Tuesday various

Hold on for one more Saturday

My parents bought a new computer, and I spent what turned into almost all of my afternoon helping to set it up. Most of it was just unpack-and-plug-in simple, but a few things like the television connection and file transfers, ate into the hours. I notice with some amusement that Dell’s packaging has started to get a little Apple-like, in that the boxes are nested inside one another in cute little configurations, and presentation is easily a big part of it.

The rest of the day, what there was…well, I spent a good chunk of it playing Portal 2, and this evening, I watched and enjoyed the heck out of Bridesmaids.

That’s it, really.

Thursday various

  • I don’t know why I find this particularly interesting, but I do:

    The post office ignores the return address for Netflix DVDs and sorts them separately for a Netflix truck to pick them up early in the morning for processing.

    Discs are shipped back to the nearest processing facility, regardless of the address on the return envelope; that address is there just for legal reasons, apparently. This seems like something I maybe sort of already knew, but it’s a reminder of the volume they (and by extension the post office) have to process.

  • John Seavey’s Open Letter to Zombie Story Writers:

    In essence, the human body is a machine, like an automobile. You are trying to describe the ways this machine can malfunction to produce a specific effect, and that’s good, but please stop explaining to me how it keeps going without wheels, gasoline, or a functioning engine.

    He raises some interesting points, although I don’t think they apply to the “zombies” in films like 28 Days Later, as he seems to. At least from my recollection — and I re-watched the movie pretty recently — the infected population there a) don’t act at all like George Romeroesque zombies (i.e., no human flesh, no brains), and b) don’t continue acting beyond physically believable limits. Beyond normal pain tolerances, sure — there’s the one guy who keeps running even though he’s literally on fire — but into the realm of sheer impossibility.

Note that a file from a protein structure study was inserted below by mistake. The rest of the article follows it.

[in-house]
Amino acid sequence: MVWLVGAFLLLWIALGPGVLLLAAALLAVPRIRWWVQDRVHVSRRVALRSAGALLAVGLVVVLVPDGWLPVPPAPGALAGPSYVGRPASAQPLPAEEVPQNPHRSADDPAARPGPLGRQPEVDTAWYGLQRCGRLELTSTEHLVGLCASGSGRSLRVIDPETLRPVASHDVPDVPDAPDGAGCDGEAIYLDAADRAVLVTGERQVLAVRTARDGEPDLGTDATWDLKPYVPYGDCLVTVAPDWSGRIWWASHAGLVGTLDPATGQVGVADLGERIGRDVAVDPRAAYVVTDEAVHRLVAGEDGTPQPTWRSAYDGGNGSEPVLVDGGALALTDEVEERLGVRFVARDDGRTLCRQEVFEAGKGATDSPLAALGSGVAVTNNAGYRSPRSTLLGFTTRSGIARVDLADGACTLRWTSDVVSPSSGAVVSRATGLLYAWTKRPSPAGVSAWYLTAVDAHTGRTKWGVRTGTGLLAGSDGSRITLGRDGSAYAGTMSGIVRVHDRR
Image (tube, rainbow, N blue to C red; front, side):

• “What is, come with me if you want to live, Alex?” So you may have heard: a computer has won at Jeopardy. (There goes that Weird Al remix idea!) I’m still looking forward to the televised rematch next month, though perhaps not so much to the subsequent robot apocalypse.
  • It’s worth it for Goodnight Dune alone: Five Sci-Fi Children’s Books. [via]
  • And finally, Jeff VanderMeer on Everything You Need to Know to be a Fiction Writer.

Tuesday various

Thursday various

  • I like Doctor Who. I’m not sure I like it enough to have a A Doctor Who-themed wedding, though.
  • Thomas Pynchon on plagiarism:

    Writers are naturally drawn, chimpanzee-like, to the color and the music of this English idiom we are blessed to have inherited. When given the choice we will usually try to use the more vivid and tuneful among its words.

  • A visual diary documenting a flight from New York to Berlin (with a layover in London). [via]
  • You know, it is kind of funny that programs like Word still use a disk as the save icon when lots of computer users these days don’t even know what a disk is.
  • And finally, even qwerty keyboards are falling by the wayside:

    Like the “Enter” key that becomes a “Search” key, the self-leveling card deck may at first seem trivial. But it’s also a sly way that digital technology that uses real-world iconography destabilizes experience. What, after all, is a more recognizable symbol of the capriciousness of life than a deck of cards, out of which your fate is randomly dealt? And yet here the deck icon is only superficial. At heart it’s not a random-card generator but the opposite: a highly wrought program with a memory, an algorithm and a mandate to keep children in the game. An app posing as a spatiotemporal object.

    As a populous commercial precinct, the Web now changes in response to our individual histories with it. Like a party that subtly reconfigures with each new guest, the Web now changes its ads, interfaces and greetings for almost every user. Some people find this eerie. But it’s nowhere near as shiver-worthy as the discovery that digital “things” — apps carefully dressed as objects — change as we use them, too. And it’s weird enough when those things are being solicitous and cooperative. What if the keyboards and decks of cards all turn on us? Let’s not think about that, not yet. [via]